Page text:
A labyrinth is kind of a maze, but it can also be a pathway that can be followed as an aid to meditation. For instance, Grace Cathedral in San Francisco has one. It is not difficult to navigate, but it does have a convoluted path with a lot of twists and turns–however, no forks or dead ends. You just keep following until you get to the center, then turn around and go back out. As you walk, you can meditate. It keeps your conscious mind occupied, but not to the point that you will be distracted from your meditation.
Wow, this is a short post–not your usual attack of explosive logorrhea!!!!!
Yes, well, but one more thing. Sometimes I use the word labyrinth as a sign. It shows me instances of Synchronicity. I am reading a book and it says that Thomas Merton asked a priest for advice and his forehead was “a labyrinth of wrinkles.” Synchronicity. That was in the final boarding stages of The Seven Storey Mountain by Thomas Merton. It is like Groucho’s secret word from You Bet Your Life. Whenever I see that word anywhere, or see an actual labyrinth, I think, ‘Hey. God just winked at me.’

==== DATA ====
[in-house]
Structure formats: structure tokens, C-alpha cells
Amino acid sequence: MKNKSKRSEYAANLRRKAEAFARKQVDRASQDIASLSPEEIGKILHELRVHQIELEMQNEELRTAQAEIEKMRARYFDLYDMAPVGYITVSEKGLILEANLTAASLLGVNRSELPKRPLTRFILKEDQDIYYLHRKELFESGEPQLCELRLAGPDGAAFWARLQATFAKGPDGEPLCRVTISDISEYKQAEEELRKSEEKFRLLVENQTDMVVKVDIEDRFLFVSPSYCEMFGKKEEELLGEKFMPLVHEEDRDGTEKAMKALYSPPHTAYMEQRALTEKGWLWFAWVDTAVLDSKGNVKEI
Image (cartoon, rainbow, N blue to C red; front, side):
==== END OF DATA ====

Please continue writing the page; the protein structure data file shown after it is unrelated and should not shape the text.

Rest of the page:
Like, I was in the library and came across The Seduction of the Minotaur by Anais Nin. The Minotaur was a mythical beast who guarded the labyrinth. So maybe I should read this book. It’s not that long. I open it at random and find that the heroine abandons classical music and becomes a jazz pianist. Another wink. I’m reading this.